The Declaration of Independence Webquest: Parts 1 and 2
Standards: Concept 1 PO4-- Examine the fundamental principles in the Declaration of Independence. Objectives: By the end of this unit, SWBAT-- Summarize the major ideas of the Declaration of Independence, and the effect of four influential documents.
Declaration Of Independence Webquest Part I: The Declaration's Origins: Four (4) Primary Sources for Understanding the Declaration of Independence
Much of the language and many of the ideas in the Declaration can be found in other documents, to which Jefferson and the other writers had access. In this activity, students will be able to see these influences and understand the evolution of ideas over time that culminated in the Declaration.
Either working individually or in small groups, students will receive a copy the Declaration of Independence (to be annotated), digital copies of four influential documents, and a chart to record information.
As students read each of the four documents, they will search for the portion of the Declaration that was influenced by the document's text. They will compare the Declaration's ideas with these other documents. Students should analyze the extent of the connection and influence of the ideas in their document to the wording in specific sections of the Declaration.
Students will fill in the accompanying chart to document the accumulation of ideas leading to the Declaration.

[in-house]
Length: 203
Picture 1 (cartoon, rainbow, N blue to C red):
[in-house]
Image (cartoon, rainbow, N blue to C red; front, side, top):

2.Massachusetts Slave Petition, May 27, 1774, In this slave petition to the governing bodies of Massachusetts, the natural rights argument is made boldly by a people denied ANY rights at that time. (Focus on arguments at the beginning and end of the petition.)
3.Malden Massachusetts Statement of Independence, May 27, 1776 In this document, the citizens of the town of Malden express their concerns to their representative at the Continental Congress about the actions of the British and why a declaration in favor of independence was necessary and appropriate at that time. (You will find the specific grievances in paragraphs three and four that connect to the Declaration's grievances. Pay close attention to the concluding two paragraphs of the Statement of Independence. Is the language stronger or weaker than that in the conclusion of the Declaration?)
2. Identify and locate the three fundamental concepts (1. natural rights, 2. the social contract and 3. the right to revolution) in the Declaration of Independence text, annotating the location in the margin.
3. On a separate sheet of paper, re-write these three concepts in your own words and explain how they relate to the struggle between the English and American colonists. Remember to address the following: 1)how did they support the idea of revolution and, 2)given the context of the times, why were these ideas unusual and new?
**You may write on your copy of the Declaration of Independence.**
4.Next, students will analyze the list of grievances (using the original text)
Each student will select at least one grievance (students who analyze more than one grievance are eligible for recovery credit), which they will read and annotate in the margins (and then will report back to the class about what it is saying, how it relates to the struggle with England, and its significance).
You may use online resources to support your claims.
5.Finally, students should identify phrases in which the Americans assert their rights to popular sovereignty and self-determination, and where they say what they will do to achieve them. Students should explain these ideas in their own words on the separate sheet of paper from Part II number 3.